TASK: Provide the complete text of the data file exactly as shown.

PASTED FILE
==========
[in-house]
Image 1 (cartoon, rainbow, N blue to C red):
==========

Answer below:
[in-house]
Image 1 (cartoon, rainbow, N blue to C red):